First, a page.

According to Google chairman Eric Schmidt, "government plans to block access to illicit filesharing websites could set a "disastrous precedent" for freedom of speech" and also expressed that Google would "fight attempts to restrict access to sites such as the Pirate Bay."
The protection of existing economic interests is sometimes the motivation for blocking new Internet services such as low-cost telephone services that use Voice over Internet Protocol (VoIP). These services can reduce the customer base of telecommunications companies, many of which enjoy entrenched monopoly positions and some of which are government sponsored or controlled.
Internet filtering related to threats to national security that targets the Web sites of insurgents, extremists, and terrorists often enjoys wide public support.
Many organizations implement filtering as part of a defense in depth strategy to protect their environments from malware, and to protect their reputations in the event of their networks being used, for example, to carry out sexual harassment.
Social filtering is censorship of topics that are held to be antithetical to accepted societal norms. In particular censorship of child pornography and to protect children enjoys very widespread public support and such content is subject to censorship and other restrictions in most countries.
Censorship directed at political opposition to the ruling government is common in authoritarian and repressive regimes. Some countries block web sites related to religion and minority groups, often when these movements represent a threat to the ruling regimes.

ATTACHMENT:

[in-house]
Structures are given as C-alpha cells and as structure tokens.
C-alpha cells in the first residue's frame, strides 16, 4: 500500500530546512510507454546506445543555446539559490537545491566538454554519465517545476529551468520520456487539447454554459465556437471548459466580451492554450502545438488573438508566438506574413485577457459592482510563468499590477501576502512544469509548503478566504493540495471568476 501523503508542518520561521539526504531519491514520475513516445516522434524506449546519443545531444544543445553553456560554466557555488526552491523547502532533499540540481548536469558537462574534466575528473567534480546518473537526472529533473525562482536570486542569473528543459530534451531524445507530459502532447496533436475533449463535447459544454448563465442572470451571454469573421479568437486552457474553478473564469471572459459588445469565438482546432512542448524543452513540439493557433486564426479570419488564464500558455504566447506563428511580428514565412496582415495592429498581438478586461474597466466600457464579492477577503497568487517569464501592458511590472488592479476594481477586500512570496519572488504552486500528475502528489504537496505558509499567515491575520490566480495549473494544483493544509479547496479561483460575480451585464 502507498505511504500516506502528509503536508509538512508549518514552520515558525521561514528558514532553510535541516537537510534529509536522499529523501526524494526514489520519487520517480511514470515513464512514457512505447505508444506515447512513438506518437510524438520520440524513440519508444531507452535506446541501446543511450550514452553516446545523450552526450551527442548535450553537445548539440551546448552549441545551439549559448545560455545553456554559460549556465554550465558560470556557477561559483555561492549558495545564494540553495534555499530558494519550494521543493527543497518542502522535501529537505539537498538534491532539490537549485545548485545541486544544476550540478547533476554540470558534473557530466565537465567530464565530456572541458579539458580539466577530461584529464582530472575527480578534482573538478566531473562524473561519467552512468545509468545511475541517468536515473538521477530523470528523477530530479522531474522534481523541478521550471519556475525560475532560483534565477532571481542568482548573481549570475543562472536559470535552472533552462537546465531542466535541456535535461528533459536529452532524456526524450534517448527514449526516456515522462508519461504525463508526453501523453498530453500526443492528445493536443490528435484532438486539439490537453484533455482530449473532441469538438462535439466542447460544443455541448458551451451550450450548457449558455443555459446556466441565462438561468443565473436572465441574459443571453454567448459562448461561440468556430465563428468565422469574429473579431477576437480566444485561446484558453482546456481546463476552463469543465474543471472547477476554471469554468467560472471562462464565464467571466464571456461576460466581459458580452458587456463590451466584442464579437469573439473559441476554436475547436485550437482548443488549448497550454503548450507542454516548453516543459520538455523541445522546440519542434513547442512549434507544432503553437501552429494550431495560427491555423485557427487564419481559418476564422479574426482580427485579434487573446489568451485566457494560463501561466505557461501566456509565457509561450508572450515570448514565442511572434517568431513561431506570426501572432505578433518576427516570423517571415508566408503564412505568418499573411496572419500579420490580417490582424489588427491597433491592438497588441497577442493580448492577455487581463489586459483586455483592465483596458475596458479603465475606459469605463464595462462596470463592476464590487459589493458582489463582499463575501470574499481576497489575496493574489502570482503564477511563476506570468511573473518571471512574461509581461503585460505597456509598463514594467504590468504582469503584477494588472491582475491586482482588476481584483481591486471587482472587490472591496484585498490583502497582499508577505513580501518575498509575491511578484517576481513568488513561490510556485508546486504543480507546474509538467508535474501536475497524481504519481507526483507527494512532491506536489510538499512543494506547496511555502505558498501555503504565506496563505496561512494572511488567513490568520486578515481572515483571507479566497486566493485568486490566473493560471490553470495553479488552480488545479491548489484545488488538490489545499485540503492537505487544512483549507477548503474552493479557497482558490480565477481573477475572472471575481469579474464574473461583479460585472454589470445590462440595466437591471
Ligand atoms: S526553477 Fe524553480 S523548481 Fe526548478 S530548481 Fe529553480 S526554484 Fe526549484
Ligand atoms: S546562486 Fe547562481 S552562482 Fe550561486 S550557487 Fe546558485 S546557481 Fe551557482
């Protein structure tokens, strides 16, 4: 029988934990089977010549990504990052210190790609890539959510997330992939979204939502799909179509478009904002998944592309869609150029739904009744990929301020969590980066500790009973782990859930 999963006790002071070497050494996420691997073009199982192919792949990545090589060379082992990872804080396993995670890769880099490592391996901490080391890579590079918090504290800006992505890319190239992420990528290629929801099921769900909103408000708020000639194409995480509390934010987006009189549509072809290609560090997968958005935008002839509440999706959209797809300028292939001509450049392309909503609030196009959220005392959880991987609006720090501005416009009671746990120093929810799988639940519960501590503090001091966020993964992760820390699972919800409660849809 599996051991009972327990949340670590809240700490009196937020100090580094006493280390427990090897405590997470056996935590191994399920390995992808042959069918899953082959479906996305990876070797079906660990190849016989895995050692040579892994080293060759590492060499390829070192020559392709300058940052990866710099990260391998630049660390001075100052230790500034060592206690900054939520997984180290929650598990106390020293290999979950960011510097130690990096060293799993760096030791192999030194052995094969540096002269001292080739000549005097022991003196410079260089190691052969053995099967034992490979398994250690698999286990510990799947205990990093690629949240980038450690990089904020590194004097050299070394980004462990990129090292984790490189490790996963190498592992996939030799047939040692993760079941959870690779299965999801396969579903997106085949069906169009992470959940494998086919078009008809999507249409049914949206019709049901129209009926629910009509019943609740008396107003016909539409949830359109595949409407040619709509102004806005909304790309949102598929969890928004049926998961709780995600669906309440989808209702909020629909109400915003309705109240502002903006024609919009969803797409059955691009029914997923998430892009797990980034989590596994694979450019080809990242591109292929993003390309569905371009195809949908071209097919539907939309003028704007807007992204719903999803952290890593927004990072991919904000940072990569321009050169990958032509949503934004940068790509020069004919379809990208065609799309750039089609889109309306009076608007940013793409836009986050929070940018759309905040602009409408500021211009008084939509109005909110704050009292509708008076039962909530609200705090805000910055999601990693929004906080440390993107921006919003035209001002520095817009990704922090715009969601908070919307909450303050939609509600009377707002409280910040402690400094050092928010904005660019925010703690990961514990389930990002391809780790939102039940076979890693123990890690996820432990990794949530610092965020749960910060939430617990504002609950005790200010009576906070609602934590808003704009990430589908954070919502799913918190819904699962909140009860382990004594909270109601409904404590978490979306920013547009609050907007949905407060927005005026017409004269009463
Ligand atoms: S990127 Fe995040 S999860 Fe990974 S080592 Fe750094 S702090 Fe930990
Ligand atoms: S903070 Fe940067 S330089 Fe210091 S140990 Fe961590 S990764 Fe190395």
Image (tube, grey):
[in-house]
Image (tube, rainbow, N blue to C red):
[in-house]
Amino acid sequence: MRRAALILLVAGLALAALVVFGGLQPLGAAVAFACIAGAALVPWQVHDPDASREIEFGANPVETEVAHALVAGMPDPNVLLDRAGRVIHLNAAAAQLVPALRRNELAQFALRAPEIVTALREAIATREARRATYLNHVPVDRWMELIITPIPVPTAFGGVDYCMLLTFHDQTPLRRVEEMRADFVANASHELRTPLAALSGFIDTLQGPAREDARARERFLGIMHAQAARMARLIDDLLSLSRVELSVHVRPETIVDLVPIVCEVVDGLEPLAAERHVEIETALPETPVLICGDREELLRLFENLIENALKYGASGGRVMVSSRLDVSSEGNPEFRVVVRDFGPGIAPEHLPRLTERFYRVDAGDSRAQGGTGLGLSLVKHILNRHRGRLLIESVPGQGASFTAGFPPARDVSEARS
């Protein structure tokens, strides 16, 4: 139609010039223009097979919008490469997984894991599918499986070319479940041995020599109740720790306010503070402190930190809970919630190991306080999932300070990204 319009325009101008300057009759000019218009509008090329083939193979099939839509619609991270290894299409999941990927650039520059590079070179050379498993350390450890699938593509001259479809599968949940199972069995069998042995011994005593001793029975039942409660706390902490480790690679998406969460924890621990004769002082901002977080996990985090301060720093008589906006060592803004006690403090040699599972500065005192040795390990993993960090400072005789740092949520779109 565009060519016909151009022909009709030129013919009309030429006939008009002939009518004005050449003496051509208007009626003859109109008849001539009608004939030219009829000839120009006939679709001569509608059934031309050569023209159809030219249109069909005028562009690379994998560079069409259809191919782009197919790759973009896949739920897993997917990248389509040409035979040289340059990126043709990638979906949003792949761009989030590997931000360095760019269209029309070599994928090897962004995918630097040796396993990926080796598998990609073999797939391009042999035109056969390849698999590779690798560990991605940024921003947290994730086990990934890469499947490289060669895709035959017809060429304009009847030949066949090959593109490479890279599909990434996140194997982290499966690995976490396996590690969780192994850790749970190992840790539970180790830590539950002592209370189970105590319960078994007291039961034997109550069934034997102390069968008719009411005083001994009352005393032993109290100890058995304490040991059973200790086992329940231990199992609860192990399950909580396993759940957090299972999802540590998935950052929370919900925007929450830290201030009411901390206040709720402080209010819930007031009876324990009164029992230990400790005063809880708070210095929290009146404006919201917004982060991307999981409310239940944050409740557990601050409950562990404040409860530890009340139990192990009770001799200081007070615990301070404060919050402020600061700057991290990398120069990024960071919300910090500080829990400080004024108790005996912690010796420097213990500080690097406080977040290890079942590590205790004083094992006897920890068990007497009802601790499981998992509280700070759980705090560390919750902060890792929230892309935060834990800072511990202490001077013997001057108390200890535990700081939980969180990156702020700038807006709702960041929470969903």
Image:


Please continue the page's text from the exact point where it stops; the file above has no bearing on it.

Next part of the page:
There are several motives or rationales for Internet filtering: politics and power, social norms and morals, and security concerns. Protecting existing economic interests is an additional emergent motive for Internet filtering. In addition, networking tools and applications that allow the sharing of information related to these motives are themselves subjected to filtering and blocking. And while there is considerable variation from country to country, the blocking of web sites in a local language is roughly twice that of web sites available only in English or other international languages.
In June 2011 the New York Times reported that the U.S. is engaged in a "global effort to deploy 'shadow' Internet and mobile phone systems that dissidents can use to undermine repressive governments that seek to silence them by censoring or shutting down telecommunications networks."
There are risks to using circumvention software or other methods to bypass Internet censorship. In some countries individuals that gain access to otherwise restricted content may be violating the law and if caught can be expelled, fired, jailed, or subject to other punishments and loss of access.